My affection for Grammarly is well known. You can never know too much about words or punctuation or a dangling participle even if you occasionally fall off the wagon and commit a major error in print. A Grammarly post that captured my eye recently started with these intriguing words….I have baggage, but no luggage. Get it? Given I have a fair bit of both, I excitedly continued as Grammarly directed me to the Merriam Webster Dictionary site and their regularly feature Words at Play.
Words at Play tells us that “luggage” and ‘baggage” are, unusually, near perfect synonyms.They both end in the -age ending from French, meaning “action, process, or result of.” You say Baggage Claim, I say Luggage Claim. However, baggage has several additional meanings which luggage does not share.
Good old Merriam tells us baggage is the older word, coming to English from French in the 1400s. The bag- of baggage may well have derived (impossible to really tell for sure) from the English word for “sack to carry things in,” borrowed into French and then back to English again.There’s more certainty around the lug- of luggage which means “to carry laboriously,” descended from Middle English and coming from a Scandinavian word meaning “to pull by the hair.”
But here’s the thing. Says Merriam, the major difference between the two is all in the figurative meaning. We speak of emotional baggage, political baggage and personal baggage, but not of emotional or political luggage. That’s right. We don’t tend to say Hillary Clinton has political luggage. Very few people fess up to having emotional luggage.
Baggage also has another meaning where luggage does not. Baggage as “a contemptible woman” or “prostitute” is likely derived from the Middle French word bagasse (“prostitute”) . In My Fair Lady ( A Viv musical fave) Henry Higgins asks “Should we ask this baggage to sit down or shall we just throw her out of the window?”The more times I watch My Fair Lady, the more Henry Higgins annoys me. At another point Eliza retorts “I won’t be called a baggage. Not when I’ve offered to pay like any lady.”
I didn’t realise this was such a complicated matter until I read further. A Way With Words – an American public radio program about language examined through history, culture, and family pondered this question. The hosts conclude that usually the word luggage specifies the container, while baggage is more likely to refer to that which is lugged inside the container.You can listen to the complete episode if you want to. How exciting.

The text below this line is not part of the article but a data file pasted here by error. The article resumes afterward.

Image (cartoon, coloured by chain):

Yet, perversely the Travelpro Blog confidently states “In our experience, the term “baggage” is a generic, neutral term used to describe the boxes, trunks, suitcases, people use to transport the articles they take on trips…. In addition, “baggage” has a negative connotation in the commonly used phrase “emotional baggage.”The term “luggage” also generates emotion, but with no such negativity. It’s the preferred term of satisfied users who deeply appreciate not only the bag itself, but how its highly engineered features improve their overall travel experience.” Well quite!
I think I’ll go with luggage as the container and baggage as what’s lugged literally and metaphorically. I do like a good piece of luggage – I am addicted to my Crumpler Vis a Vis 55cm carry on – it’s seen some miles with hopefully more to come though I did draw the line at the see through version below. Moreover, I would probably not hint to my husband that the buys me a lovely new piece of baggage.
I thought I’d also go with a luggage wrap – it’s easy to do and packs a punch in the right situation, such as a going away present or someone moving into a new home, setting off for university or a table setting for the aforementioned situations.. You take a rectangular prism box, wrap it in Kraft paper, draw on the embellishments and pop on a little handle in Kraft card. Pile a few pieces off luggage one on top of the other and you have an abundant and quirky look. In this instance, I have luggage and no baggage. Got it?